Horseman and Four Figures, Region of Bankoni, Mali, Terracotta
Art Institute of Chicago

Horseman and Four Figures, Region of Bankoni, Mali, Terracotta, 13th/16th century (based on Thermoluminescence testing).

Biconical bead
The Aga Khan Museum, AKM618

Biconical bead, Egypt or Syria, 10th -11th century, Gold: filigree, granulation, "rope" wire.

Bowl, Egypt, 11th century
The Aga Khan Museum, AKM684

Bowl, Egypt, 11th century, Fritware, lustre-painted.

Tuareg camel saddle
Peabody Museum of Archaeology and Ethnology, Harvard University, Cambridge, MA, gift of the Estate of Dr. Lloyd Cabot Briggs, 1975, 975-32-50/11927
© President and Fellows of Harvard College, Peabody Museum of Archaeology and Ethnology.

Tuareg camel saddle (tarik or tamzak), Algerian Sahara. Leather, rawhide, wood, parchment or vellum, wool, silk, tin-plated metal, brass-plated metal, iron, copper alloy, cheetah skin.

Gold Jewelry Ornaments
Franko Khoury, National Museum of African Art, Smithsonian Institution, Gift of the Roy and Brigitta Mitchell Collection.

Gold Jewelry Ornaments, Tukulor artist, Mauritania, Late-early 20th century. Gold alloy.

Ivory Casket
Art Institute of Chicago, Samuel P. Avery Endowment (1926.389) / Art Resource, NY

Ivory Casket. Italy (Sicily), 12th century. Ivory, brass, tempera, gold leaf.

Tent poles
John Weinstein, ©The Field Museum

Wooden tent poles.

Elephant head
Image courtesy of National Commission for Museums and Monuments, Abuja, Nigeria.

Elephant head, Ife, Lafogido, Nigeria, 12th-15th century, Terracotta.

Seated Figure
Image courtesy of National Commission for Museums and Monuments, Abuja, Nigeria. 

Seated Figure, Possibly Ife, Tada, Nigeria, Late 13th-14th century, Copper with traces of arsenic, lead, and tin.

Kneeling Figure
Seydou Camara, Musée national du Mali.

Kneeling Figure, Natamatao, Mopti region, Mali, Terracotta, 12th-14th century.

Talismanic Textile
Art Institute of Chicago

Talismanic Textile, Probably Senegal, late 19th or early 20th century, Four panels joined: cotton, plain weave; painted; amulets of animal hide and felt attached by knotted strips of leather.

Erg Chebbi dunes. 
Cynthia Becker

The dunes of Erg Chebbi, Morocco.

The great mosque of Djenné and the Monday great market
Hamdia Traore

The Great Mosque of Djenné, Mali, and the Monday Great Market, August 2013.

As the exhibition’s title suggested, many of the objects in it are fragments. Much of the archaeological record from this period has unfortunately not survived time. Pieces of decorative glazed ceramics attest to the thriving commerce of ancient towns; a fragment of a fifteenth-century woven blanket from Mali—among the oldest surviving textiles from West Africa—speaks to the origins of contemporary African weaving patterns.

“I was reading archaeological records from these African sites and realized that in them is a record of globalism,” Berzock said. “You start realizing they excavated a fragment of porcelain from China, glassware from Syria and Egypt, and terracotta from all over this expansive interregional network. So that’s when I started putting together this bigger narrative.”

Kathleen Bickford Berzock, 2017

Gate of the Wind or Bab Fez (Gate to Fez) stands at the northern limit of Sijilmasa, Morocco. Ancient arcades over a portal were restored in a more recent era.

The Block Museum partnered with institutions in Mali, Morocco, and Nigeria to arrange rare loans of African material. “It would be unusual to do that with a single African country, much less three,” Berzock said. “But it was important to work with the source countries and join with them in spreading knowledge about their collections and support their efforts to protect and preserve their cultural patrimony.”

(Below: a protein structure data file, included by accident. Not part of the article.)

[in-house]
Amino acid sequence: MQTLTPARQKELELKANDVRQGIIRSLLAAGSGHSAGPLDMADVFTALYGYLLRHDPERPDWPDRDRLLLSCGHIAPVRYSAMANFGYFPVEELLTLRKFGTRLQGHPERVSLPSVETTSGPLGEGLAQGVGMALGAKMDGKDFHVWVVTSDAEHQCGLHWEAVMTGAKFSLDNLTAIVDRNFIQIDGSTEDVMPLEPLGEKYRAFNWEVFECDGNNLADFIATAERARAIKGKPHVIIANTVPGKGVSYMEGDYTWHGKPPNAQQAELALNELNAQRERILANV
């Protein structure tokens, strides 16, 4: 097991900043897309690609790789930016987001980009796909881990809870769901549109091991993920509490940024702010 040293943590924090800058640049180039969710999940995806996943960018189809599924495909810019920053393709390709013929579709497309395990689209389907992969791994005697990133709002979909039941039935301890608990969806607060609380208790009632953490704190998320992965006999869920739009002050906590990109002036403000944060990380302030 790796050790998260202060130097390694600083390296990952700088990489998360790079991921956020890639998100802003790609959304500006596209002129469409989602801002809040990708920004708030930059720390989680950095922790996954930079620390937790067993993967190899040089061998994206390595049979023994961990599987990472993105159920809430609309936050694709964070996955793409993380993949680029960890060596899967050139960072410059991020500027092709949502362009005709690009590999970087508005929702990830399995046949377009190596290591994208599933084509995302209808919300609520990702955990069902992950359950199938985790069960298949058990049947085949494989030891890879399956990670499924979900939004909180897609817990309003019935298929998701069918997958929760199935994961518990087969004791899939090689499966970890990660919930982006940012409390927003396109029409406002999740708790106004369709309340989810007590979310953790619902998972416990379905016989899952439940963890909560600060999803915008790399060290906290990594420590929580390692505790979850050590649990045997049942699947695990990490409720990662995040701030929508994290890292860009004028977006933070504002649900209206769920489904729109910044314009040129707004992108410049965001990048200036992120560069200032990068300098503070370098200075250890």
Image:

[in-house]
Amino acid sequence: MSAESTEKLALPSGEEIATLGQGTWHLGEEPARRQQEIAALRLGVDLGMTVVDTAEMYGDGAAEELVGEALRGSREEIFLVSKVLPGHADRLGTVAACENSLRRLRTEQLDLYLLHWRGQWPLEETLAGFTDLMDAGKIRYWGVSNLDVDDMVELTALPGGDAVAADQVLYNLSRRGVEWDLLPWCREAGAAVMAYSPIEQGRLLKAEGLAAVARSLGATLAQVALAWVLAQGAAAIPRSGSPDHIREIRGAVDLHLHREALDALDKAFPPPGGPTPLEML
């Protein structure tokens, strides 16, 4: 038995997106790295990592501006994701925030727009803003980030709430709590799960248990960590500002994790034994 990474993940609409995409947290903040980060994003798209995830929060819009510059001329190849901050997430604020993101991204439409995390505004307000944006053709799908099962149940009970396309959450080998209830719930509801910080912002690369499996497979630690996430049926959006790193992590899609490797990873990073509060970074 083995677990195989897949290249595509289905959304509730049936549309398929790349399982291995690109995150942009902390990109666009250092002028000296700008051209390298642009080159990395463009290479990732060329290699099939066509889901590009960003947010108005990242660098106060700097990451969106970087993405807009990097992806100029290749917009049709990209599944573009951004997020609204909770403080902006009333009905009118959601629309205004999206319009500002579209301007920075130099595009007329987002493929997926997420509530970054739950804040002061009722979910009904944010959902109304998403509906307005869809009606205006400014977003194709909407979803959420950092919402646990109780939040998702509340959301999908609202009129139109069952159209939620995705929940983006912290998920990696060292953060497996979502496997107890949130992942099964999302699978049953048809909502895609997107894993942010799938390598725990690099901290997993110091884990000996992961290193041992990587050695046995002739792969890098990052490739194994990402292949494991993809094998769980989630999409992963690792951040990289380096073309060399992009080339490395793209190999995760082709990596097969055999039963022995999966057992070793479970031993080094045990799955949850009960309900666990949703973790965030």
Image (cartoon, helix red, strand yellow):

The curator, well aware that viewers might find a fragmentary collection challenging to interpret, introduced other objects to invite people to imagine what these slivers once were. The Chinese porcelain piece, for instance, was accompanied by a similar, fully intact bowl, also from the Song Dynasty. A large, twentieth-century shield from Niger, embellished with copper disks, is one example of how pieces of copper-alloy fittings made in the Western Sudan might have been used.

While gold once flowed through the Sahara, there are few examples of surviving objects of worked gold from the region. As historian Sarah M. Guérin explains in the exhibition catalog, this is largely due to gold’s fungibility and the violence of colonization. One example dates to 1890, when French colonizers invaded an empire in Mali and melted its vast majority of gold jewelry down for bullion. Other coins made of West African gold made their way to Florence and Venice, where they were hammered into gold foil. Artisans then used these thin sheets to embellish panel paintings and frescoes, giving their work a glistening effect when viewed by candlelight.

In addition to gold, Europeans also demanded the tragic commodity of ivory from Africa, particularly during the Gothic period. The vast majority of delicate diptychs, caskets, book covers, and other personal objects from this period were made from the tusks of African Savannah elephants, as they were large enough to accommodate intricate figural carvings. The precious material was shipped across the Sahara in caravans along with gold and other goods.

Walk through a major collection of medieval art such as the Metropolitan Museum of Art’s today, and many of these creamy-white works will gleam from behind display cases, testaments to the skills of European artisans. Yet, any influence Africa had on this major art movement is essentially silent in institutions. Caravans of Gold urged us to think of the medieval world as not just filled with knights and horses in armor but also of veiled nomads and their camels, burdened with riches.

About the Author

Claire Voon

Claire Voon is a Chicago-based art writer. Her work has appeared in publications such as ARTnews, Artsy, Chicago Magazine, Atlas Obscura, and Hyperallergic, where she was previously a staff writer.